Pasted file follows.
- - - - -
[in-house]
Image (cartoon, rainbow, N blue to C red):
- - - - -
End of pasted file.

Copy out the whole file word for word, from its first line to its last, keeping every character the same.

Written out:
[in-house]
Image (cartoon, rainbow, N blue to C red):